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When Native Americans Briefly Won Back Their Land

November 1, 2019 in History

By Erin Blakemore

A proclamation by King George III set the stage for Native American rights—and the eventual loss of most tribal lands.

They came from near and far: Native American chiefs and representatives of various tribes bearing gifts for a historic meeting. Their destination was Fort Niagara in New York, where dozens of Nations would meet to negotiate a new alliance with the British.

Months earlier, in 1763, George III had announced that the colonies would no longer seize Native lands or purchase it without treaties. For the first time, Native Americans’ rights to their own tribal lands had been recognized in the laws of one of North America’s colonial conquerors.

Two thousand Native Americans gathered at Niagara to celebrate the proclamation and to announce their intention to be peaceful toward British colonists. Decades before the first Indian reservations were established in the United States, colonial Britain created a vast “Indian Reserve” across thousands of miles of its newly expanded territory.

Starting in 1763, no English settlers could legally travel through or acquire land west of the Appalachian Mountains—a massive swath of territory recently gained from France during the French and Indian War.

French and Indian War Leads to Reshuffled American Map

Map of the British dominions in North America according to the Treaty of Paris in 1763.

The proclamation was a watershed for Native American rights. But the tribal members who commemorated the proclamation with wampum belts and other offerings had no idea that the agreement had set the stage not just for the American Revolution, but the eventual loss of most of their lands.

Native Americans had been losing land slowly but surely throughout British colonial rule. “Each treaty expanded the area for colonial occupation and reduced the land base of different tribes,” notes geographer Charlie Grymes. With growing territory came a growing British desire to live and farm along the colonial frontier.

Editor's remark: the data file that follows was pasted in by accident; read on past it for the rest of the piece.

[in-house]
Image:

But the British had a rival with the same goal: the French, who made claims in the Ohio River Valley beginning in the 1850s. The valley was a fertile area whose waterway held major trade promise, and the British wanted to claim it for the crown. Armed conflict began in 1754, and in 1756, Britain formally declared war on France. After a rocky start, Britain prevailed, and in February 1763 the war ended with the Treaty of Paris.

The treaty reshuffled …read more

Source: HISTORY

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After the Underground Railroad, Harriet Tubman Led a Brazen Civil War Raid

November 1, 2019 in History

By Alexis Clark

Tubman applied intelligence she learned as an Underground Railroad conductor to lead the Combahee Ferry Raid that freed more than 700 from slavery.

They called her “Moses” for leading enslaved people in the South to freedom up North. But Harriet Tubman fought the institution of slavery well beyond her role as a conductor for the Underground Railroad. As a soldier and spy for the Union Army during the Civil War, Tubman became the first woman to lead an armed military operation in the United States in what is known as the Combahee Ferry Raid.

By January 1, 1863, when the Emancipation Proclamation went into effect, Tubman had been in South Carolina as a volunteer for the Union Army. With her family behind in Auburn, New York, and having established herself as a prominent abolitionist in Boston circles, Tubman, at the request of Massachusetts Governor John Andrew, had gone to Hilton Head, South Carolina, which had fallen to the Union Army early in the war.

Tubman Becomes Military Leader

During the Civil War, Harriet Tubman served as a spy and militia leader with the Union forces.

For months, Tubman worked as a laundress, opening a wash house, and serving as a nurse, until she was given orders to form a spy ring. Tubman had proven herself invaluable at gathering clandestine information, forming allies and avoiding capture, as she led the Underground Railroad. In her new role, Tubman assumed leadership of a secret military mission in South Carolina’s low country.

“First and foremost, her priorities would be to defeat and destroy the system of slavery and in doing so, to definitely defeat the Confederacy,” said Brandi Brimmer, a history professor at Spelman College and slavery historian.

Tubman partnered with Colonel James Montgomery, an abolitionist who commanded the Second South Carolina Volunteers, a black regiment. Together, the two planned a raid along the Combahee River, to rescue slaves, recruit freed men into the Union Army and obliterate some of the wealthiest rice plantations in the region.

Montgomery had around 300 men, including 50 from a Rhode Island Regiment and Tubman rounded up eight scouts, who helped her map the area and send word to the slaves when the raid would take place.

“She was fearless and she was courageous,” said Kate Clifford Larson, historian and author of Bound for the Promised Land: Harriet Tubman, Portrait of an American Hero. “She …read more

Source: HISTORY